Not hitting any performance milestone isn’t ideal, but it’s also not uncommon. If I were a betting man, I’d bet in the next few months you’ll be reporting totally different types of stories about Verari.

    And no, I’m not a shill. I’m not management and I don’t work there currently. The author of the story is welcome to e-mail me to confirm

  3. John West says:

    @GoVerari – Your comment seems to indicate you think I’m cheering for a VT failure: I’m not. No one here wants them (or any company) to fail. We’re talking about real people with real lives and families. I’m not inside the company, but what I am seeing from the outside says that if they are going to succeed they need to adapt faster and push farther.

    As for your comment that they are being graded unfairly because it takes time to build a company, I think that is naive. While Verari Tech may be a new company, this certainly isn’t a new start up. The people there now were there before, with the same products, in the same places. SGI is a great example of a company that failed (at least twice), and came back farther faster. The jury is still out on whether SGI will be successful in the long run, but they are proof that the business can (and should) recover faster if the company is going to survive. The fact that they are having these problems so soon after the restart indicates that there are deep, fundamental problems with the company.

  4. John Bassise says:

    What’s the latest with those guys? I tried to call the other day and couldn’t get through.

    (Former client)

    JB

  5. John Bassise says:

    I guess that answers my question 8-)
    No marketing, sales, management, or anyone from Verari to say “Things are fine. Feel free to order!”

    We’ve found the best thing for us is a nice mix of SGI/Rackable and HP. The two both give good service and using both keeps them honest.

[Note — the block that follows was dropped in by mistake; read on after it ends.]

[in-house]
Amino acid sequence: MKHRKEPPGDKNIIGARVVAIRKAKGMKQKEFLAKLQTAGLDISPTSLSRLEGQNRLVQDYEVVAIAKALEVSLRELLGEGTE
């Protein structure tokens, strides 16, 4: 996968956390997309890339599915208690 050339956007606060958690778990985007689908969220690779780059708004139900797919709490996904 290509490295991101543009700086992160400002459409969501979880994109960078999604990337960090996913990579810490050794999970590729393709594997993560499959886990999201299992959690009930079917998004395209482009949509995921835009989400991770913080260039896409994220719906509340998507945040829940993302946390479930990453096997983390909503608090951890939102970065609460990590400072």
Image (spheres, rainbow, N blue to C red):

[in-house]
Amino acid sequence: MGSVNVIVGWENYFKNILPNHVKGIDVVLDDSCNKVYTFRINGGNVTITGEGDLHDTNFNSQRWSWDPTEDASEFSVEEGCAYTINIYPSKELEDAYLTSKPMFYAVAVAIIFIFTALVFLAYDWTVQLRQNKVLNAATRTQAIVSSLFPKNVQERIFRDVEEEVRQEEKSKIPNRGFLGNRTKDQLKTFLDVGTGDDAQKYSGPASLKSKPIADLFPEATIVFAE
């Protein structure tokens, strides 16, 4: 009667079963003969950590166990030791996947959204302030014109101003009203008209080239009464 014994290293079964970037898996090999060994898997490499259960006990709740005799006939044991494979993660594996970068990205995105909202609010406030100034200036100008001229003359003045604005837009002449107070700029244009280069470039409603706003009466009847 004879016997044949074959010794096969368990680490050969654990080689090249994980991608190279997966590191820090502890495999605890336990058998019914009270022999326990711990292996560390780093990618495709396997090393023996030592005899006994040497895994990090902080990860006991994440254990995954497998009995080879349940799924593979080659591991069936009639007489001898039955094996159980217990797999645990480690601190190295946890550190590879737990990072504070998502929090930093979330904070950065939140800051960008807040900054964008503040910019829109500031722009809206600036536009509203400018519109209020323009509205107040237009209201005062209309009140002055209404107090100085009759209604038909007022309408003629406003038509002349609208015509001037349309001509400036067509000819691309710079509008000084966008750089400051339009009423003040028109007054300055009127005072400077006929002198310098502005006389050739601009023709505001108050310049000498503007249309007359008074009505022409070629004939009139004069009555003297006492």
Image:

JB

  6. I must have missed this article… my apoligies to you Mr Bassise as I am not looking around for posts to comment on each day, or each week.

    Verari is still here, and we are still moving in a positive direction. Let me be the first (if you haven’t read other posts here) to say, “Things are fine. Feel free to order!”. By the way, the number is 858-874-3800. Phones are open during business hours so feel free to call.

  7. I hope for the best for Verari v2.0. They are good people and have a good product.

    As previous poster so aptly pointed out, there are people and families behind stories like this so the voice or style of writing matters somewhat. This article carries a twinge or tabloid or schadenfreude in it. It may not be intended but it reads that way.

    Disclaimer: I am not, nor have I ever been an employee of either incarnation of Verari.

  8. John West says:

    Jeff – the previous poster you mentioned is the author of the article (me); no schadenfreude in the article, but there is always a sense of tabloid when reporting bad news. I haven’t even reported all the bad news thats been sent to me by current and former employees.